The deadline for developers' submissions is February 14. For more information, contact DSDC Executive Director Sarah Edwards by phoning 919-934-0887 or e-mailing sarah@downtownsmithfield.com. Additional documentation for the project may be found on the DSDC website>


SUSAN
LASSITER
 
Smithfield
real-estate broker

919-669-9235
LassiterSusan@aol.com


"GRANNY FLATS" IN SMITHFIELD?
Councilman nixes proposal in Town Plan


On page 23 of Volume 2 of the proposed Smithfield Town Plan currently before the Town Council is a proposal to allow "accessory dwelling units" (ADUs) --- called "granny flats" by planning professionals --- in Smithfield's residential zoning districts.

That includes "garage apartments" as well as free-standing structures like so-called "tiny houses" that presently are only allowed in Smithfield's commercial zoning districts with a special-use permit.


This example of a "granny flat" appears in the "Comprehensive Growth Management Element" of the proposed Smithfield Town Plan.
Councilman David Barbour wants none of that. "I don't want to make that a policy ... I want it taken out," he declared during a special council session held last week in part to review the Town Plan yet to be adopted.

He said he fears "too much potential abuse" if ADUs are encouraged in Smithfield.

Planning Director Stephen Wensman said such units are "a trending topic" across the nation as more folks want to provide separate housing close by their residences for aging parents or adult children.

But he agreed to remove the proposal from the Town Plan prior to its adoption by the council, perhaps at its February meeting.

Near the close of the "granny flats" discussion, Town Attorney Bob Spence said "I don't think there's a tool shed in town that's not in violation" of existing zoning rules.

The proposed Town Plan was developed by the town's planning staff assisted by Stewart, a Raleigh-based consulting firm, after several months of meetings of a citizens' steering committee, two "well attended" public workshops, and an online survey --- all serving as "the basis for many of the recommendations and goals within this plan," notes the document's introduction.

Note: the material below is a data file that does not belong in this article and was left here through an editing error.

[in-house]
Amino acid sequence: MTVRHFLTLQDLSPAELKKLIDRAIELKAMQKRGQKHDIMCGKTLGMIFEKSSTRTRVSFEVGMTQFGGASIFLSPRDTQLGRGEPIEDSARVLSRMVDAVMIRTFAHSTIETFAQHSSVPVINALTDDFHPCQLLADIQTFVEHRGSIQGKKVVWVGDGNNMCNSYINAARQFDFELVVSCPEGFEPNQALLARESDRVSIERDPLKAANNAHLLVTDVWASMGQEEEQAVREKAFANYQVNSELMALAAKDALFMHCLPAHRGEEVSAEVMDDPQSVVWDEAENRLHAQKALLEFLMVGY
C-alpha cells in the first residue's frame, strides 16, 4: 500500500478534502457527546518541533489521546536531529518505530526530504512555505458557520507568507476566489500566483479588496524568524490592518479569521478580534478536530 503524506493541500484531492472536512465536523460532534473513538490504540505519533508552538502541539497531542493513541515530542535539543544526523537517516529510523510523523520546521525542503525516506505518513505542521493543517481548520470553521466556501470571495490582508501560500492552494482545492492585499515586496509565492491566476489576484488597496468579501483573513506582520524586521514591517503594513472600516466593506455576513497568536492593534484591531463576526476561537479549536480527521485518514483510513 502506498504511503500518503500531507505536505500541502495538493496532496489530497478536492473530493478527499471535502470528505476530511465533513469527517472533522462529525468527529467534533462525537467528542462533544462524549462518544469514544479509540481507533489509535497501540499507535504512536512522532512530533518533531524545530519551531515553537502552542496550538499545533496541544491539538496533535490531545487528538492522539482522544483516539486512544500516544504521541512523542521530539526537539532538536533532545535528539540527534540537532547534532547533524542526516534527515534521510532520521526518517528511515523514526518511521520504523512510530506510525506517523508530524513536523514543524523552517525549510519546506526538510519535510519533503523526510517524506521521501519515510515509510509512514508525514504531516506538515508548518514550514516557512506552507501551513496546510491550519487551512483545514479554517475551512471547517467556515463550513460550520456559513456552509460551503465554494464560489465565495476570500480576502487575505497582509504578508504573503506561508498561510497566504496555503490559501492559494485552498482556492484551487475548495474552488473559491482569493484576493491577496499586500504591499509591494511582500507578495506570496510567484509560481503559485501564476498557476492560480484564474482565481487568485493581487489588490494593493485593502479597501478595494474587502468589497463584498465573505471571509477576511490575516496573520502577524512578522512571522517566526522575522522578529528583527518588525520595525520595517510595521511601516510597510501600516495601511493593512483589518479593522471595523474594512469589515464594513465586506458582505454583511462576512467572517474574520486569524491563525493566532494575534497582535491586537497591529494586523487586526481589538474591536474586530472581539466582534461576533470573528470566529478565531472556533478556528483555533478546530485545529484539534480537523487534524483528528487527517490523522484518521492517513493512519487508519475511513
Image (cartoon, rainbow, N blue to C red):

To review the entire Town Plan, follow this link to the town's website>



919-934-0153    www.CallPernell.com


Johnston County NAACP honors
Allen Wellons at MLK breakfast


The Johnston County NAACP chapter presented its Public Service Award to Smithfield attorney Allen Welllons during its annual Martin Luther King Jr. Prayer Breakfast.

Mr. Wellons was recognized for his "untiring and exemplary service ensuring political, educational, economic, and social justice" for Johnston's citizens.

"I am grateful for this award," he responded. "It is a capstone to the work I have done over a 45-year career in law, agriculture, and community service." He added: "We must always recognize the plight of our fellow citizens and work together to ensure there is compassion, care, and concern for the lives of every single citizen."

Mr. Wellons is a former state senator who's seeking this year to return to the N.C. General Assembly as the senator from newly drawn District 11, which includes Smithfield and northern Johnston County as well as all of Nash County. Running as a Democrat, he has opposition in the March 3 Primary Election from
Albert R. Pacer of Creech-Johnson Road, Zebulon.

Meanwhile, three Republican candidates are competing for their party's nomination March 3: County Commissioner Patrick Harris of Smithfield, State Representative Lisa Stone Barnes of Spring Hope, and Dennis Nielsen of Middlesex.


Recent deaths of young people prompt call for action